Maintaining clean restrooms is an age-old challenge that most building managers and cleaning personnel face every day. For years, restrooms have been the source of more building complaints than any other area of the facility. In fact, a recent survey by The Trending Machine found that three out of four adults had at least one complaint about public restrooms. More than one-third cited a lack of proper supplies, including paper hand towels, and 43% of respondents were concerned about germy fixtures.

High-trafficked facilities, including highway rest stops, convenience stores, stadiums and shopping malls, can receive hundreds of people daily. Patrons often are in a hurry to get in and out; in so doing, they leave used paper towels on the floor and spill water on the counters. Messy restrooms can influence a patron’s decision to not return to the business, damaging a facility’s sales and reputation.

To assist facility managers in maintaining a successful cleaning program, new products and technologies, including electric hand dryers, are being designed to eliminate the volume of trash in restrooms, as well as bacteria left behind on used paper towels and wet countertops. First established in the 1940s, electric dryers have been modernized in recent years with sleek designs coupled with energy-efficient technologies reducing noise, eliminating germs and often drying hands in 15 seconds or less.

“Manufacturers have made significant improvements in hand dryer efficiency, all the while improving customer satisfaction and saving facilities thousands of dollars spent on paper, cleaning supplies, trash removal and landfill costs,” says Mike Conlan, founder and CEO of, a leading supplier of high-efficiency hand dryers. “Electric dryers can directly save a company from expenditures associated with paper towels and restroom trash removal. They also are making it easier on janitorial staff, because there’s less mess on the floors and in the waste bins.”

A medium-sized business sees around 150 to 200 restroom uses per day. A 12-pack case of 250 towels costs on average about $30, so a restroom that gets a medium amount of usage can expect to use at least one package of paper towels daily, for a total cost of about $75 per month. People typically use at least two towels to dry their hands, and often there is additional waste from extra unused towels pulled out and left on the floor or counter.  Towels must also be bagged and removed from the restroom on a regular basis, so the extra cost of trash bags and maintenance are cost factors.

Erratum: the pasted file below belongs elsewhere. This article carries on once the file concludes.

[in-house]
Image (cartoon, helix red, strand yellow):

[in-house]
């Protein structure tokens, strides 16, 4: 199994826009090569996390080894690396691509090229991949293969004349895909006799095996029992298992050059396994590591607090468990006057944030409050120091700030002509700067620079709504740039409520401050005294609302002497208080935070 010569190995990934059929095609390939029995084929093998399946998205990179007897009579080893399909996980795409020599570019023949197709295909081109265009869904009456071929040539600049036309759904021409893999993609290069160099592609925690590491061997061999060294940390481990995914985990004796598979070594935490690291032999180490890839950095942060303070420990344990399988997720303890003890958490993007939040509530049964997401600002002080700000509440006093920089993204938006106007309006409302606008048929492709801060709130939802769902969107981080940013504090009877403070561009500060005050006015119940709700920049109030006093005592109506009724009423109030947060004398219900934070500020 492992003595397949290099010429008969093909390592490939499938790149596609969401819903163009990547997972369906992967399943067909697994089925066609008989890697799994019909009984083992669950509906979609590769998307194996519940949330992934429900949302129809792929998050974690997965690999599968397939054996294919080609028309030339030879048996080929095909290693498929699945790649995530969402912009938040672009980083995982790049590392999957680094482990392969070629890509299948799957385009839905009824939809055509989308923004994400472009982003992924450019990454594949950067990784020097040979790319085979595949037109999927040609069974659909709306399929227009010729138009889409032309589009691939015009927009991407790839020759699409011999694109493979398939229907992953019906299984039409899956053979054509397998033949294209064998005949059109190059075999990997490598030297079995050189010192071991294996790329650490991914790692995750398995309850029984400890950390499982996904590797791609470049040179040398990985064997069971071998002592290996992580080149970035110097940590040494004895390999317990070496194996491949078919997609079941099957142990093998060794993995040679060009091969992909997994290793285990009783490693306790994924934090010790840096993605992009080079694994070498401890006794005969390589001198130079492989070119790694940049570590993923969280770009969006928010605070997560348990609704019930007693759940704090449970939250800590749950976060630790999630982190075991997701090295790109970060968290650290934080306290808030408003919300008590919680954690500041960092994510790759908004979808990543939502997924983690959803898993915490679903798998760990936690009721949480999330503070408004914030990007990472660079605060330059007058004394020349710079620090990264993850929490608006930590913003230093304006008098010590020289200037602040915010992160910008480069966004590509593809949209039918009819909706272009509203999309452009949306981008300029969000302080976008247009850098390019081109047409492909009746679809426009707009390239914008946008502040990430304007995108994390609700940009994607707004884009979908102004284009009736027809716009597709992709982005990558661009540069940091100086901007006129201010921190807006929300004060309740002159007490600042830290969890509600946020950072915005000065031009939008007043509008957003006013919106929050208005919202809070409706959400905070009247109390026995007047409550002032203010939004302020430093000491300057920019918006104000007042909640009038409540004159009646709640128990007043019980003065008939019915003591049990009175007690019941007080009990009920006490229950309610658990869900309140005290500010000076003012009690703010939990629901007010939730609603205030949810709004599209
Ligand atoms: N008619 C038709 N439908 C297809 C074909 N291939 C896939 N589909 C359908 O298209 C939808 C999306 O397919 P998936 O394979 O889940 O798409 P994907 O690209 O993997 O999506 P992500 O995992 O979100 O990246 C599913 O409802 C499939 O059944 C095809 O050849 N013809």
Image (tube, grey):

“Understanding your patron’s wants and needs is first and foremost in choosing between an electric hand dryer and paper towels, but cost-savings is also important to most businesses today,” adds Conlan. “I frequently receive calls from architects and facility managers looking for the best drying product for their facility. With so many hand dryer brands and diverse functions in the marketplace, there’s a hand dryer solution that will please any patron, from a sports fan at a large stadium to a foodie frequenting a hip and trendy restaurant.”

Several years ago, Northwestern Memorial Hospital in Chicago underwent a renovation of its washrooms, after years of restroom plumbing and maintenance issues from paper towels being flushed down low-flow toilets, causing blockages. The continuous plumbing calls, combined with the high levels of restroom maintenance, were taking up a considerable amount of time and costly resources. In 2010, the hospital initiated replacing its paper towel dispensers with 30 high-efficiency hand dryers, resulting in an initial annual savings of over $20,000. The savings also came in the form of reduced transportation costs, paper towel storage and waste reduction. Plumbing issues were eliminated, and Northwestern Memorial’s bathrooms remain clean today.

With new hands-free fixtures, from auto-flush toilets to automatic faucets and electric hand dryers, patron-friendly restrooms have arrived.

Windy Campbell is founder of Campbell Communications, an independent public relations practice serving a variety of B2B companies, including Her areas of expertise include communications strategy, media relations, writing and product publicity. Throughout her career, she has implemented public relations programs for private companies in manufacturing, financial services, healthcare and destination marketing. Based in Richmond, Virginia, she is a member of the Public Relations Society of America. Contact her at (804) 314-0205 or